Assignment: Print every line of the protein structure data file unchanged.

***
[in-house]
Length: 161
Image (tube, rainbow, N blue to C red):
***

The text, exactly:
[in-house]
Length: 161
Image (tube, rainbow, N blue to C red):